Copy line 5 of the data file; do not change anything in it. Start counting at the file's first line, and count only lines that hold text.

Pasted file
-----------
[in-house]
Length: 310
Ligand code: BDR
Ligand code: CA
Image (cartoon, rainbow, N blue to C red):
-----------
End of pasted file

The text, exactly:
Image (cartoon, rainbow, N blue to C red):